The ’Safari Sunset’ shows off those vivid burgundy bracts nearly year round with the best show starting during the summer and extending through the next spring. Leucadendron require good drainage and prefer acidic conditions. It’s easy to love this plant to death with too much water. I mulch mine heavily with bark chips. I’m thinking of adding the South African, long-blooming bulbine ‘Hallmark Orange’ at its feet. The combination of the two guarantee color year round.

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Blue and yellow plant combination Cream Delight phormium, Blue fescue grass, semperviven succulent

Blue and yellow are another combination that always look good together. You can pick from yellow and gold foliage plants such as phormium ‘Yellow Wave’, abelia “Kaleidoscope’, coleonema ‘Sunset Gold’ or sedum ‘GoldMoss’ and pair it with a dwarf blue spruce, blue fescue or blue oat grass, hens and chickens, a blue euphorbia such as ’Glacier Blue’ or ‘Blue Haze’ or the blue-gray succulent senecio mandraliscae.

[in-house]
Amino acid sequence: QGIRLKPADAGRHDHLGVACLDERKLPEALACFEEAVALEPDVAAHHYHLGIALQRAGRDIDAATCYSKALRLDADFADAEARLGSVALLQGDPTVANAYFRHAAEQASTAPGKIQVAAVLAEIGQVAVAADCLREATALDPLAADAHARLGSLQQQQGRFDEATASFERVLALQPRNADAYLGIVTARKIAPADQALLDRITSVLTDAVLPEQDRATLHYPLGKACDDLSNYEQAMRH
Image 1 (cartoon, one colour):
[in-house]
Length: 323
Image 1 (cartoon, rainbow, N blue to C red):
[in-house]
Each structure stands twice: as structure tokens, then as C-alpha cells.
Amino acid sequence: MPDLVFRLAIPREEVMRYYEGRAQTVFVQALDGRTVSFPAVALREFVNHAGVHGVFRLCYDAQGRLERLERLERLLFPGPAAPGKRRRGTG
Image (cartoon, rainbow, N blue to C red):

In these days of converting lawns to low water use landscapes, choosing the right plants is even more important. Use to be a row of foundation shrubs between the lawn and the front windows were the norm. This was not a very inspiring look at best. Think of the possibilities to create a whole new look for your front or back yard.

I like all the colors so it’s hard to whittle down a plant palette to just a few for the whole garden. Breaking up your areas into different “garden” rooms allows you to pair colors like silver, purple and black in one section using a bronze phormium, a burgundy loropetalum and silver thyme.

In another section of the garden that can be seen from a window might you might want to attract hummingbirds.

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Red / Gold plant combination Red phormium, Abelia ‘Kaleidescope, rosemary, phytostegia

Blooming late in the season the super tough Pineapple sage with eye-popping red flowers combines well with the dark green of an upright rosemary and an Amazing Red phormium for an architectural dramatic touch.

In a garden that inspires you the plants should be ones that you love looking at and taking care of. Some of us like the look of dark green plants while others like grasses that move in the wind. Others are not fans of succulents. Whether you grow plants to feed the birds and attract wildlife or want a little bit of everything there’s a combination of plants that’s perfect for you and your garden.